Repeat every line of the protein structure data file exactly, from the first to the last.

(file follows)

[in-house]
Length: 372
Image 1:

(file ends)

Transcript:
[in-house]
Length: 372
Image 1: